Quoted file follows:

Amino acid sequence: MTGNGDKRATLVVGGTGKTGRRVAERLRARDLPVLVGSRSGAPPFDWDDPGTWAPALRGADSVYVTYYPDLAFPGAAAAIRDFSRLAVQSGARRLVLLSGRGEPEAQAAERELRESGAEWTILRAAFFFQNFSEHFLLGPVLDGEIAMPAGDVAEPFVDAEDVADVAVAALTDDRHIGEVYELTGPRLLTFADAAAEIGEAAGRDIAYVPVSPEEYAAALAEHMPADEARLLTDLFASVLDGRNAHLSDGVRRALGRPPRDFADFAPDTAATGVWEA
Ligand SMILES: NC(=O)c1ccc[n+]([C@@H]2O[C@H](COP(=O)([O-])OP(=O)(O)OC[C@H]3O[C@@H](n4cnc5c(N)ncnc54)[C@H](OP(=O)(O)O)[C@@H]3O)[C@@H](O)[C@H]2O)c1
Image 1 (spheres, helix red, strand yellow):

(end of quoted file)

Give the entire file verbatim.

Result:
Amino acid sequence: MTGNGDKRATLVVGGTGKTGRRVAERLRARDLPVLVGSRSGAPPFDWDDPGTWAPALRGADSVYVTYYPDLAFPGAAAAIRDFSRLAVQSGARRLVLLSGRGEPEAQAAERELRESGAEWTILRAAFFFQNFSEHFLLGPVLDGEIAMPAGDVAEPFVDAEDVADVAVAALTDDRHIGEVYELTGPRLLTFADAAAEIGEAAGRDIAYVPVSPEEYAAALAEHMPADEARLLTDLFASVLDGRNAHLSDGVRRALGRPPRDFADFAPDTAATGVWEA
Ligand SMILES: NC(=O)c1ccc[n+]([C@@H]2O[C@H](COP(=O)([O-])OP(=O)(O)OC[C@H]3O[C@@H](n4cnc5c(N)ncnc54)[C@H](OP(=O)(O)O)[C@@H]3O)[C@@H](O)[C@H]2O)c1
Image 1 (spheres, helix red, strand yellow):